A new law in South Africa would punish “anyone who makes a prediction about severe weather or air pollution with heavy fines or jail time if they did not first receive written permission from the government-funded South African Weather Service (SAWS).”

OK, so it’s not exactly going to be a crime if the Johannesburg version of Storm Field (remember him?) or Al Roker gets the forecast wrong. But still, people are gonna be pretty angry…

**Native New Yorkers, this one is especially for you. I laughed and laughed at least 10 times during this. Definitely NSFW; cursing aplenty in this video, so if you’re watching at work, I recommend headphones.

**Finally, a few words about one of the greatest tennis matches of all time. It was started in the wee hours of Sunday morning, then just kept going, and going, and going.
Rafael Nadal, one of the Top 10 players of all time, played Novak Djokovic, the best in the world today. They played for seven minutes short of SIX hours. Six hours! It was a breathtakingly wonderful match, filled with great shotmaking, unbelievable energy and spirit, and some of the best defense you’ll see this side of a Catholic schoolgirl on a date. (here’s 1 of the best points of the match, just to give you an idea.)

Djokovic, who two years ago was mocked for his lack of stamina and fight, outlasted the toughest fighter in the sport. Again. For the 7th time in a row that these two have hooked up, Djokovic was just a little better. He won 5-7, 6-4, 6-2, 6-7, 7-5, in a truly splendid advertisement for the sport.

I’ve said it before, and my man Jason Gay of the Wall Street Journal says it here more eloquently: We are in the Golden Age of men’s tennis. Three of the all-time greats are beating each other up at every Grand Slam event, and raising each other’s game to ridiculous heights. (Diane Pucin of the L.A. Times also nailed it with her column here.

So lucky to be a tennis fan right now. The storylines, the quality of the players, just so fabulous.If you want to see the highlights of the match, click here.

A huge cancer breakthrough. A knife-throwing mother we should all be happy isn’t ours. And inside a 6-year-old’s brain

**So I may have mentioned before that one of my favorite parts of moving back to NY is that I’m finally getting to spend quality time with my 6-year-old nephew Benjamin.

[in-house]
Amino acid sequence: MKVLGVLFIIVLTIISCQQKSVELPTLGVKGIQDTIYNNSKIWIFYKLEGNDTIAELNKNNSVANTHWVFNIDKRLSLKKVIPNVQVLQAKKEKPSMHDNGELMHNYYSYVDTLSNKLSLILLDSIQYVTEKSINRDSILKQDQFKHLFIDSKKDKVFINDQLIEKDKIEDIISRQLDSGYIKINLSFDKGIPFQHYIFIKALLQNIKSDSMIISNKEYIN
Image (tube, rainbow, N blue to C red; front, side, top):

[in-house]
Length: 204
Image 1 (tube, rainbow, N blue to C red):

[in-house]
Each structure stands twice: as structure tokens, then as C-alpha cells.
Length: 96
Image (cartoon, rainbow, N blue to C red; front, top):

For his whole life until last month, I was just this older guy who parachuted into his world for a few days at a time around the holidays or in the summer, gave him hugs and presents, then left again for a while.
But now I’m getting to see him pretty much at least once a week, and probably more as my insane summer school schedule comes to an end.
And I have to tell you, I’m loving the bonding time. He’s a funny, bright, non-stop talker of a kid (gee, wonder where he gets that from!) and I’ve been fascinated to see how his mind works.
The other night on the way back from dinner we somehow got on the topic of marshmallows. And where they came from. And Ben decided that you get marshmallows by planting marshmallow trees.
I went with it, of course.
“See, what you do is,” he began, intently, “You get these marshmallow seeds, and, and then you put them in the ground, and then you come back later, and they turn into marshmallow trees.
“But you can’t eat them right away,” he stated, as if this should be obvious to all. “You have to wait for a while. Like, a long time. Then you can eat them.”

The absolute certainty of his story made me go looking for marshmallow trees in my yard.

**And now, something you don’t see every day: A 1950s newsreel clip of a mother throwing knives at her children.

And we thought Casey Anthony was bad. Pleeaaasseee.

**Finally, I try not to get too excited at these stories that give us hope against cancer. Because we’ve been hearing about breakthroughs for decades, and while things are unquestionably getting better in the fight against this horrible disease that has in some way touched all of us, I don’t want to get my hopes up.

Still, this seems very promising. The L.A. Times reports that a new study has shown that genetically engineered T cells killed leukemia cells in patients, and kept them cancer-free for over a year.

Pray that this can be replicated.